Live Simply – March 2017 newsletter

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Mahatma Gandhi

Live Simply so that others might simply live
Mahatma Gandhi

Or as Pope Francis’ message in Laudato Si’ has it:
Responding to the cry of the poor we need a New Lifestyle

So how are those Live Simply Pledges coming along?

Thank you to all who have already posted pledges on the Pledge Board. If that isn’t you then look there for inspiration and please complete a pledge card today. It can be a more of something you do already or something new to you.

(with thanks to )

Aerosols can be recycled – only 50% of aluminium packaging was recycled last year which means there’s a lot more to be done. Remember empty cans of deodorant, furniture polish, air fresheners and other aluminium items too such as foil takeaway containers can all be recycled.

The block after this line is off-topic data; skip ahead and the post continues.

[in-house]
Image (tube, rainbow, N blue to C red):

Last year around 75% of food and drink tins and cans and 60% of glass bottles and jars were recycled. Could you do more to get the figure to 100%?

Bottle deposit scheme
blue-and-green-plastic-bottles-resized-740x493.jpg (740×493)Older parishioners might remember the days of money back on glass bottles. Well now a Surfers Against Sewage petition is calling for a deposit on plastic bottles. The petition has attracted over 210,000 people signatures and the Government is taking notice. An inquiry into the impacts of single-use plastic bottles has just been launched by the Environmental Audit Committee to identify the solutions needed to tackle plastic pollution. Surfers Against Sewage will be submitting their petition and other evidence to highlight the urgent need to introduce a deposit return system.

Palm Oil
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Nestlé, producer of products ranging from Crunchie bars to Shredded Wheat, committed early to addressing problems caused by palm oil production which threatens rainforests and endangered animals, and exploits workers. But campaigners have discovered that along with other multinationals such as Unilever and PepsiCo, it is undermining its own best intentions by a tie-up with an Indonesian food producer said to be among the worst offenders in relation to palm oil production. Read more at SumOfUs

March 2017

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